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Recently, there was an interesting problem posed on a project management discussion board. The questioner asked –
“I have recently joined a company and to one of the projects that I’m engaged we have this Scrum team that has a mixed backlog (USs and Bugs).
In a recent post on a technical forum, a Dev manager had the question (paraphrased here) – My organization wants to operate in a Kanban way but maintain the structure of sprints and burn down charts to keep track of progress. Is it ok to do? Is Scrumban the correct methodology? If so, what is the best way to implement it?
In 2015, in a blog post called Kanban Cadences, David Anderson laid out a set of 7 Kanban cadences or meetings that provide comprehensive opportunities for feedback, planning, and review in an enterprise. Some of these were already identified in his original blue book, Kanban: Successful Evolutionary Change for Your Technology Business, some were identified later and put together in this post.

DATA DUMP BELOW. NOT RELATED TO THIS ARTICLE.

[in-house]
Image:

Inspired by Steve Porter’s efforts to bring process practitioners closer together and educate Scrum practitioners, I’m writing a shadow series of posts that will follow the Kanban and Scrum – Stronger Together series and continue my own efforts to clear up misconceptions between practitioners of these methods.
One of the things that I see very often is a belief that Scrum and Kanban cannot work together and nothing is farther from the true. If we look at one of the core values of The Kanban Method you’ll see that the first principle is:
Start with what you do now
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